This home made Chevy van camper caught my eye in Arcata, CA on a recent trip down the coast. It’s big and long, and surprisingly well-built for a home brew job. As the next picture shows, the builder actually changed the angle of the front doors so they would close flush with the widened body.
This shows it quite clearly: the doors flare out to meet the wider main body. I’ve never seen this done, even on commercial van conversions. Invariably there’s a bump out behind the cab where it meets a widened body.
The rest of it is pretty sophisticated too. Somebody put some serious thought and effort into it, The current owner told me that the builder was an engineer. That’s hardly surprising.
Just building that side door to match the contours of the body alone is a considerable challenge.
Should have made the side door, a slider.
I’m picturing the guy setting up a wind tunnel involving a tarp and a fan, in his driveway.
Obviously had a lot of time on his hands.
Is this a home-built motorhome, designed and built by an engineer, who was also a skilled bodyman, or was this a one-off prototype built by a RV manufacturer?
The primary reason why none of the mainline conversion companies attempt to modify the cabs on motorhomes, is the high labor costs involved. In using the door area to eliminate the side body bump, it’s more than simply moving the door post outward. Take for example, the slanted window frame. The upper windshield frame side posts on this van had to be widened like a slim slice of pie so the upper end was around 1.5 inches wider.
The wheel arch area also had to be modified to match the door’s new closing points, so the door gasket would seal. But this designer went further than just adjusting that lower door gap around the wheel arch beginning at a point directly below the hinge pivot arc. It appears they cut and extended the entire wheel arch lip so it would be a gentle arc from a point in front of the wheel opening. The door post with the latch also had to be rotated on a vertical axis, to match the door’s new location. I suspect they cut the entire door opening area and rotated it outwardly, pivoting on the hinges [no pun intended]. They then filled in the gaps on the windshield posts and floor areas.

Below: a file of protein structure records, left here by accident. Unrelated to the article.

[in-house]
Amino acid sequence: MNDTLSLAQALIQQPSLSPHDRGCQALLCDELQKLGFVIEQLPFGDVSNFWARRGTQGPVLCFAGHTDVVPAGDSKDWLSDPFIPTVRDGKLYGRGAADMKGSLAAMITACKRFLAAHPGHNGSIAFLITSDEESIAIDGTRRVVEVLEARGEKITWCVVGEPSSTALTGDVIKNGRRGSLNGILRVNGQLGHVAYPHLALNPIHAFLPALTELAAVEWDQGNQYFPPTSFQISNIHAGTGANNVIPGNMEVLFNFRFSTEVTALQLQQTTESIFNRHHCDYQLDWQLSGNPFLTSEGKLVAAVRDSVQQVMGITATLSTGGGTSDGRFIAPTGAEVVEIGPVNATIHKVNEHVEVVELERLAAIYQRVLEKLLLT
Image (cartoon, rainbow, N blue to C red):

Paul doesn’t mention if the main body panels are steel or fiberglass [or a combination thereof], but due to the original Chevy horizontal body lines being used, I’m going to speculate that the main body panels are fiberglass. This of course suggests the possibility of this vehicle being a prototype for a production run of similar motorhomes. It also suggests the creation of this vehicle was done not in a 2-car garage where the designer lived, but in a large commercial space. Just creating, using, and storing of the molds for these big body panels, supports the idea it was created with the intent to make more than one example.
If on the other hand this vehicle is all steel, this represents an incredible amount of hand fabrication, metal forming, and mig welding. Metal shaping equipment to create panels with this level of fit means the builder had access to a large metal shaping facility, or the work may have been done “south of the border”.
It’s my opinion this was created not by a single engineer/fabricator, but was a prototype for a line of van-based motorhomes that didn’t look like a big box sitting on a van cab/chassis. I’m just guessing, but I suspect it never reached production due to the high labor costs to modify the cab.
Either way, it took a clever person or group, to take the idea from paper, to a complete running example.
All I know is what the current owner told me, that it was built by an “engineer”.
I agree that this would have been a massive undertaking for a true home-built project. But then I’ve seen certain people get carried away with fulfilling a vision. But this is out of the ordinary.
Seeing it close-up made it look a bit less slick than it does in the pictures.
»peers at sky«
Huh…looks like it might rain.
»shuffles from foot to foot«
I was just about to call you out on that line but I see you have already called yourself out! Now if you will excuse me, I need to go source some NOS Norwegian style dash light bulbs for my 1991 Buick LeSaber. I hear they are better than the US spec ones. 😉
Surely an RV manufacturer would nix this idea at the outset due to projected labour costs? There is so little benefit in trying to eliminate a couple of right angles when the base vehicle is so boxy anyway.